I noticed that many authors are compiling play lists that they think enhance or add something to their books, or might even accompany reading (try it via your iPads or Kindle Fires etc., so I’m told). So I thought I’d do the same. It has also helped me to let go of having written such a large volume in relatively little time!! It is hard to say goodbye to characters you’ve spent so many hours with, but also exhilarating to have given them the send-off they deserve. My music choices for you here are mostly tracks I did indeed listen to while writing. Others are chosen for their obvious significance to characters or themes in my books. Others just fit damn well with certain scenes.


For Beneath the Veil, it was hard to get the tone right. We start off with a woman who finds out her only living relative is dead. We move to more sinister scenes quite quickly and yet still, come back to the romance at the heart of this web of secrets and lies. I always particularly reference Hometown Glory to Eve. If she were alive today, she would be 30. It would be a song with particular resonance to her and I reckon it would be something she would want playing at her funeral. She is a home bird and delights in her surroundings. Clair de Lune signals sanctuary at the end of one very long chase… Never Let Me Go – Chapter 40 (cough, cough). Adagio for Strings would be for the high-octane motorcycle chase in the latter part of the book, while Take A Bow very much reminds me of Ryken’s action sequence in Chapter 48. Mozart: for a particularly sinister encounter in an office. I imagine Seraph watching the love of her life go into battle and Chicane’s Saltwater in the background, mirroring the bittersweet romance of him risking his life for her.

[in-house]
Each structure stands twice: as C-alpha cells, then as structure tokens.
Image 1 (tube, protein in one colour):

Betrayal involved listening to a lot of one particular album… (it’s a secret!!) This book is a mash of painfully raw lovemaking alongside violence, death and deceit. I veer from the adrenalin-inducing, throw-yourself-about tunes of Evanescence to classical here. The Man Comes Around, for me, says everything about Nathaniel Hardy. Satie’s ditty reminds me of looking out onto a still, Parisian street early in the morning, while Muse and Evanescence serve to remind us that danger lurks and foes must be fought. Fauré, for me, is Camille’s. As she sinks into despair midway through the book, we are reminded she is a delicate, artistic creature with a sideline in more dangerous deeds. She’s someone bred from people who sought similar adventure and yet she is not always at one with herself. She and Seraph are very similar in this manner; in being made ferocious by the world in which they live, but sensitive and loyal creatures at heart.

Beneath the Exile, I can’t talk about right now… just read it and weep. 🙂 The play list for that will follow very soon, but it will be gigantic, just like the book he-he.

N.B. these lists are subject to additions and amendments. That is the nature of a writer…

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